Devolution: people care if they’re aware

The West of England’s devolution deal was rubber stamped last night after months of discussion by local leaders.

The agreement unlocks around £1bn in investment in housing, transport and skills. Most people would regard these as important issues that should be locally controlled.

Despite this and the welcome statements that will follow, last night’s response to the news seemed muted.

Councillors in Bristol expressed concerns that the 2,000 responses the recent consultation generated should have been much higher.

The Bristol Post reported these concerns alongside the question: does anyone care?

Continue reading “Devolution: people care if they’re aware”

No predictions, just 3 hopes for 2016

If you’ve read any posts, columns and opinions about 2015, it would be easy to think that last year was a bad one.

People of Columnia have a negative tendency, but it seems that there’s plenty to trouble us. Terrorism, austerity, economic under-performance, migration, Europe and runaway house prices all point to a bad year.

I’ve also had many conversations about ‘leadership failure’ over many of these issues. It seems that people have had enough of being soft-soaped. This was demonstrated in Jeremy Corbyn’s extraordinary victory over the ‘Westminster elite’ in the Labour leadership campaign. It was also expressed in nastier ways through trolling and threats dealt out on social media.

Opinion formers have an appetite for predictions at this time of year. After so many people called the big events wrong in 2015, it’s daft to attempt it for the coming year.

I want to be optimistic and set out some hopes for 2016. Some relate to national issues, others are more local and there’s a personal one too. All are important to me and, if they happen, it should be a good year.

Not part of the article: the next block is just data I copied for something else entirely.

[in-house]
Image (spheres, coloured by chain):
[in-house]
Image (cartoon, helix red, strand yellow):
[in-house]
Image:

Continue reading “No predictions, just 3 hopes for 2016”

Links I like 12.05.05

Reaction to the elected mayor vote in Bristol – various
Well done Bristol for bucking the national trend and voting decisively, if in small numbers, in favour of an elected mayor to lead the city from November. They were the only city to vote yes to the proposal following a pretty low-key campaign on the issue. The Centre for Cities has published some links on the issue, while the Bristol Post’s coverage of the result and early indication of who the runners and riders for Bristol’s first elected mayor has been well-informed, detailed and sharp, as good local journalism should be. Whether the result was an endorsement of the proposal or due to more negative factors is open to question, which The Guardian poses in its leader on the issue today. Having followed the debate, I’m sure many people voted yes because the current council leadership was against the idea. Anti politics and apathy were the biggest winners this week, but all is not lost. Hopefully a new way of doing things in Bristol will start to change that.

Elections – ‘We the council’ – Kevin Jump